The Mumbai office of the Serious Fraud Investigation Office (SFIO) has sought a go-ahead from its headquarters in New Delhi to investigate the matter relating to the Rs 3,250 crore loan extended by ICICI Bank to Videocon Group in 2012 because “the quantum involved is several thousand crores” and it concerns “public money”.
It is learnt that the Mumbai SFIO received a complaint relating to ICICI Bank, Videocon Group and their promoters in February 2018. The complaint, sources said, alleged “corporate malpractice, surreptitious transactions and round tripping of money”.
Seeking guidance from the Director, SFIO, the Mumbai office wrote to the head office on February 27, stating that the “case has got issues pertaining to laundering of money, evasion of taxes and banking transactions. Considering the present environment, the allegations made in the complaint require to be investigated”. It pointed out that since “the quantum involved is several thousand crores” and “public money” is involved, it will be proper for the SFIO to investigate the case.
On Sunday, The Indian Express reported that the CBI and the investigation wing of the Income Tax Department too commenced “suo motu” inquiries into transactions and money flows in the ICICI Bank-Videocon case. Officials in the Central Board of Direct Taxes (CBDT) said following The Indian Express report on the Rs 3,250-crore loan to the Videocon Group from ICICI Bank, the investigation wing in Mumbai commenced a preliminary enquiry. The focus of the scrutiny was to be the “money trail” among key players and bankers.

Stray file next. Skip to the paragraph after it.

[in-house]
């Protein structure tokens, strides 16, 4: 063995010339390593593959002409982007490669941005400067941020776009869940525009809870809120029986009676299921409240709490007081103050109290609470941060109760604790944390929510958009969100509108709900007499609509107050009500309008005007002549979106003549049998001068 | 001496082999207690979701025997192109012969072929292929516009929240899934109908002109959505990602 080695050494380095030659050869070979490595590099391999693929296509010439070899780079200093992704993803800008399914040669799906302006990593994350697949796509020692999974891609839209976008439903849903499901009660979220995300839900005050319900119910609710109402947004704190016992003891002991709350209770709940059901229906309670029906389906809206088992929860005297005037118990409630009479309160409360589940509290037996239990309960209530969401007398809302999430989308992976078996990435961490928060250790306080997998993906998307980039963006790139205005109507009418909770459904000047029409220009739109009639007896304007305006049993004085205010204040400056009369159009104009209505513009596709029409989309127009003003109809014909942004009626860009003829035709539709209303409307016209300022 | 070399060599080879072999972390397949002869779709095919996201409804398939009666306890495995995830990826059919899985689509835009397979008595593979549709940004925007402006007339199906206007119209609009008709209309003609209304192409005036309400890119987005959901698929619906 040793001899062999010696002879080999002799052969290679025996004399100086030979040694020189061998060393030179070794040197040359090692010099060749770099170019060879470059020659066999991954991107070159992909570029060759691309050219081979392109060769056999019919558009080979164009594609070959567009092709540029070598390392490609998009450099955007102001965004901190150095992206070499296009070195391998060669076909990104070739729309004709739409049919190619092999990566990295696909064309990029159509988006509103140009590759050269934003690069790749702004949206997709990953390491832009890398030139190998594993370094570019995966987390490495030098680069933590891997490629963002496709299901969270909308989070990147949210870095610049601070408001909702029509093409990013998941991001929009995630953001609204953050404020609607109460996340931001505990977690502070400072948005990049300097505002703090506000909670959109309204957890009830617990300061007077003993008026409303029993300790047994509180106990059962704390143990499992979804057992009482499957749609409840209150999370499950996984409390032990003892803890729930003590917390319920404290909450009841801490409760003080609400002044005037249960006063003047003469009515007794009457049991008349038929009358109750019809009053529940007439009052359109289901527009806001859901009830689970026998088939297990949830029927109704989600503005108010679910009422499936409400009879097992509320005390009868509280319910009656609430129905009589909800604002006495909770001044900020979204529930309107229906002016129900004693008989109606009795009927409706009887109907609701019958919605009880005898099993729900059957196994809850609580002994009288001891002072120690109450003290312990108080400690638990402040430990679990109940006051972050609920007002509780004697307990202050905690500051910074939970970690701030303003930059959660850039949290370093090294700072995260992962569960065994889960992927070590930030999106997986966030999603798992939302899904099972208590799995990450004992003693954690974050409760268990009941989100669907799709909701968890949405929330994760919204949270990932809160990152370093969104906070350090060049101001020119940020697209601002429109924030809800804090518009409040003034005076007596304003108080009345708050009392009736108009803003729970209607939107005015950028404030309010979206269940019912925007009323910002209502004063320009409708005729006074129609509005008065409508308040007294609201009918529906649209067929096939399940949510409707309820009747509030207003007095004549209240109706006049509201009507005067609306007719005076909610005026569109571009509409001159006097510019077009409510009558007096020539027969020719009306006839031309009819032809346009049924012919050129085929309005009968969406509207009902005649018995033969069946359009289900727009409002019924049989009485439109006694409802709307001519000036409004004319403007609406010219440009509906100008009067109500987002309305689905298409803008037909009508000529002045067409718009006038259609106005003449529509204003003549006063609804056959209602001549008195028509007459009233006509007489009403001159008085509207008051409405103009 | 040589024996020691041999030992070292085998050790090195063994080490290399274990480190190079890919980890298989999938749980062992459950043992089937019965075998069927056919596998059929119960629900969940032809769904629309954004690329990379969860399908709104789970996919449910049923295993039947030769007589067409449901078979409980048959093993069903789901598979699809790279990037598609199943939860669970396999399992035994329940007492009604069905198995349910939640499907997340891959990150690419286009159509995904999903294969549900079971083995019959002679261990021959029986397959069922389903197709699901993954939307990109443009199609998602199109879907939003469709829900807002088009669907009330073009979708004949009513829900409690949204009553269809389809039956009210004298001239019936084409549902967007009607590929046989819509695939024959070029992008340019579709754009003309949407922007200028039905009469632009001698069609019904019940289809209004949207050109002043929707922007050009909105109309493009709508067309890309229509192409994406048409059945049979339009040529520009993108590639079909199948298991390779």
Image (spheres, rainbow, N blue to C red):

On March 29, The Indian Express reported that in December 2008, Venugopal Dhoot of the Videocon Group set up a company called NuPower Renewables Pvt Ltd (NRPL) with Deepak Kochhar, husband of ICICI Bank Managing Director and CEO Chanda Kochhar, and two of her relatives; then gave a Rs 64-crore loan to this company through a fully owned entity before he transferred the latter’s ownership to a trust headed by Deepak Kochhar for just Rs 9 lakh.
The transfer of the company to Deepak Kochhar happened six months after the Videocon Group got a loan of Rs 3,250 crore from ICICI Bank, raising questions of propriety and conflict of interest. Almost 86 per cent of that loan (Rs 2,810 crore) remained unpaid and the Videocon account was declared an NPA in 2017.
Coming to Chanda Kochhar’s defence, ICICI Bank chairman M K Sharma said she was part of the credit committee that sanctioned the loan, but did not recuse herself. “The Board doesn’t believe it represents a conflict as Videocon Group is not an investor in NuPower Renewables. Hence, there was no need for Chanda Kochhar to recuse herself from the committee,” Sharma told TV channels the day The Indian Express report appeared.
Earlier, the ICICI Bank had issued a press release stating “there is no question of any quid pro quo/nepotism/conflict of interest as is being alleged in various rumours”. It said the Board “reposes full faith” in Chanda Kochhar, and that “malicious and unfounded rumours” were being spread to “malign the Bank”. The statement did not, however, address a specific query from The Indian Express on the Deepak Kochhar-Venugopal Dhoot transactions or the conflict of interest.